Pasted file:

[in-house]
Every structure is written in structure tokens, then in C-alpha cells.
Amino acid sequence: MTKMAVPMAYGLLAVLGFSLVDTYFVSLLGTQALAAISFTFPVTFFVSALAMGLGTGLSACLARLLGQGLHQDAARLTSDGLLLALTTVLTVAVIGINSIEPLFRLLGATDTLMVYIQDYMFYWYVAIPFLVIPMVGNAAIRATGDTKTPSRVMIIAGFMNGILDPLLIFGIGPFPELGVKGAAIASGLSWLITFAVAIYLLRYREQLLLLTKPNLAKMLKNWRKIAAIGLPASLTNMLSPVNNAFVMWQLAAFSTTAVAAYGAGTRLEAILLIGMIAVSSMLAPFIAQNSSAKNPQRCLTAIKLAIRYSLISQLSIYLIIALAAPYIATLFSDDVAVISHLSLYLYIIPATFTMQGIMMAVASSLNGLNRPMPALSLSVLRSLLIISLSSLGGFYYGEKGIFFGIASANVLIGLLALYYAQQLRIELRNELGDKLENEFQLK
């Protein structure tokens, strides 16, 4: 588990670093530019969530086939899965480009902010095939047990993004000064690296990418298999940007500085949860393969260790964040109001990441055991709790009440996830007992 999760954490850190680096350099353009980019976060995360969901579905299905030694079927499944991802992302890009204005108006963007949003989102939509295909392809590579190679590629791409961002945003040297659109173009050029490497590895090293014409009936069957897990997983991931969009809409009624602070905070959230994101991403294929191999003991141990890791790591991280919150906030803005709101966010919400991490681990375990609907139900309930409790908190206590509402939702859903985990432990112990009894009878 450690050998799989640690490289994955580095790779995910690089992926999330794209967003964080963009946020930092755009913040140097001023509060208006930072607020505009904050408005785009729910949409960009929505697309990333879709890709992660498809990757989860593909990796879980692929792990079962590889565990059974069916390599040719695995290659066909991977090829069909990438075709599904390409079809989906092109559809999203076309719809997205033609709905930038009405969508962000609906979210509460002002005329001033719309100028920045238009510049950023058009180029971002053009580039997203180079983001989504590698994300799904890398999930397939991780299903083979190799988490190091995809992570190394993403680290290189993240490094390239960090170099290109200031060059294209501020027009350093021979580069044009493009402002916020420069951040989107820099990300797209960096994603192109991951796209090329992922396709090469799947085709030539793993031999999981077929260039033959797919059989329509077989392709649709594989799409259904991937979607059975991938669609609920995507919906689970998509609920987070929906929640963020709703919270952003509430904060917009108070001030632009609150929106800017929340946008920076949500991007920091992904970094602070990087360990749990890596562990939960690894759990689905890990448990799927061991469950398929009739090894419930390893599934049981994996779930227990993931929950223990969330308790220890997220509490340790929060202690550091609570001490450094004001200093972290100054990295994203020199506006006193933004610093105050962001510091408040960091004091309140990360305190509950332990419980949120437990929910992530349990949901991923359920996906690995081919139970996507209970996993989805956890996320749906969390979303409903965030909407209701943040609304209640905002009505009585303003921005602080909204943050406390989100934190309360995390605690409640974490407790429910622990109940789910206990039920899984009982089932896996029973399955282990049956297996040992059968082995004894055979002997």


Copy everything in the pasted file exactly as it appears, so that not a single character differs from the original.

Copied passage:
[in-house]
Every structure is written in structure tokens, then in C-alpha cells.
Amino acid sequence: MTKMAVPMAYGLLAVLGFSLVDTYFVSLLGTQALAAISFTFPVTFFVSALAMGLGTGLSACLARLLGQGLHQDAARLTSDGLLLALTTVLTVAVIGINSIEPLFRLLGATDTLMVYIQDYMFYWYVAIPFLVIPMVGNAAIRATGDTKTPSRVMIIAGFMNGILDPLLIFGIGPFPELGVKGAAIASGLSWLITFAVAIYLLRYREQLLLLTKPNLAKMLKNWRKIAAIGLPASLTNMLSPVNNAFVMWQLAAFSTTAVAAYGAGTRLEAILLIGMIAVSSMLAPFIAQNSSAKNPQRCLTAIKLAIRYSLISQLSIYLIIALAAPYIATLFSDDVAVISHLSLYLYIIPATFTMQGIMMAVASSLNGLNRPMPALSLSVLRSLLIISLSSLGGFYYGEKGIFFGIASANVLIGLLALYYAQQLRIELRNELGDKLENEFQLK
């Protein structure tokens, strides 16, 4: 588990670093530019969530086939899965480009902010095939047990993004000064690296990418298999940007500085949860393969260790964040109001990441055991709790009440996830007992 999760954490850190680096350099353009980019976060995360969901579905299905030694079927499944991802992302890009204005108006963007949003989102939509295909392809590579190679590629791409961002945003040297659109173009050029490497590895090293014409009936069957897990997983991931969009809409009624602070905070959230994101991403294929191999003991141990890791790591991280919150906030803005709101966010919400991490681990375990609907139900309930409790908190206590509402939702859903985990432990112990009894009878 450690050998799989640690490289994955580095790779995910690089992926999330794209967003964080963009946020930092755009913040140097001023509060208006930072607020505009904050408005785009729910949409960009929505697309990333879709890709992660498809990757989860593909990796879980692929792990079962590889565990059974069916390599040719695995290659066909991977090829069909990438075709599904390409079809989906092109559809999203076309719809997205033609709905930038009405969508962000609906979210509460002002005329001033719309100028920045238009510049950023058009180029971002053009580039997203180079983001989504590698994300799904890398999930397939991780299903083979190799988490190091995809992570190394993403680290290189993240490094390239960090170099290109200031060059294209501020027009350093021979580069044009493009402002916020420069951040989107820099990300797209960096994603192109991951796209090329992922396709090469799947085709030539793993031999999981077929260039033959797919059989329509077989392709649709594989799409259904991937979607059975991938669609609920995507919906689970998509609920987070929906929640963020709703919270952003509430904060917009108070001030632009609150929106800017929340946008920076949500991007920091992904970094602070990087360990749990890596562990939960690894759990689905890990448990799927061991469950398929009739090894419930390893599934049981994996779930227990993931929950223990969330308790220890997220509490340790929060202690550091609570001490450094004001200093972290100054990295994203020199506006006193933004610093105050962001510091408040960091004091309140990360305190509950332990419980949120437990929910992530349990949901991923359920996906690995081919139970996507209970996993989805956890996320749906969390979303409903965030909407209701943040609304209640905002009505009585303003921005602080909204943050406390989100934190309360995390605690409640974490407790429910622990109940789910206990039920899984009982089932896996029973399955282990049956297996040992059968082995004894055979002997």